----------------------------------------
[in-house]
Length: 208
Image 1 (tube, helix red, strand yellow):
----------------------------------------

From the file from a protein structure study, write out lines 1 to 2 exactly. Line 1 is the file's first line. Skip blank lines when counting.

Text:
[in-house]
Length: 208